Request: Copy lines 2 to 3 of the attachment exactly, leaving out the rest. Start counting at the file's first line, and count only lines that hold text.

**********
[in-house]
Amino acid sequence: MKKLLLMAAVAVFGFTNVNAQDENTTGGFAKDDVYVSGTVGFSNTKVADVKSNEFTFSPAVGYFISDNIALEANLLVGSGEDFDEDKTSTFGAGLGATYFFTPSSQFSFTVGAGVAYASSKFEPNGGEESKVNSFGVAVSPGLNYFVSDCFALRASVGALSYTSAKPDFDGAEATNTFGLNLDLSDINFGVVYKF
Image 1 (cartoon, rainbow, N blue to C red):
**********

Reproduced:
Amino acid sequence: MKKLLLMAAVAVFGFTNVNAQDENTTGGFAKDDVYVSGTVGFSNTKVADVKSNEFTFSPAVGYFISDNIALEANLLVGSGEDFDEDKTSTFGAGLGATYFFTPSSQFSFTVGAGVAYASSKFEPNGGEESKVNSFGVAVSPGLNYFVSDCFALRASVGALSYTSAKPDFDGAEATNTFGLNLDLSDINFGVVYKF
Image 1 (cartoon, rainbow, N blue to C red):